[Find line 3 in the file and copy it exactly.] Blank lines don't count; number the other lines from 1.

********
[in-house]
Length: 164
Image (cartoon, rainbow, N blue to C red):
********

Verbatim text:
Image (cartoon, rainbow, N blue to C red):